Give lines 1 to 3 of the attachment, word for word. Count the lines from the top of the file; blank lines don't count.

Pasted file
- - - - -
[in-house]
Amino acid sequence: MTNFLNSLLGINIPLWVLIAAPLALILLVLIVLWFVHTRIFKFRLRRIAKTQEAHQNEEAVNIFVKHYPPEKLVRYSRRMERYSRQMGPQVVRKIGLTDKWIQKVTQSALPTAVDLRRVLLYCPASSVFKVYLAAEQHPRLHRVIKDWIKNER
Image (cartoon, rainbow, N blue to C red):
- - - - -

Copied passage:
[in-house]
Amino acid sequence: MTNFLNSLLGINIPLWVLIAAPLALILLVLIVLWFVHTRIFKFRLRRIAKTQEAHQNEEAVNIFVKHYPPEKLVRYSRRMERYSRQMGPQVVRKIGLTDKWIQKVTQSALPTAVDLRRVLLYCPASSVFKVYLAAEQHPRLHRVIKDWIKNER
Image (cartoon, rainbow, N blue to C red):